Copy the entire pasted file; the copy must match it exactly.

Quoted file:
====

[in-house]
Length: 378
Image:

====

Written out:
[in-house]
Length: 378
Image: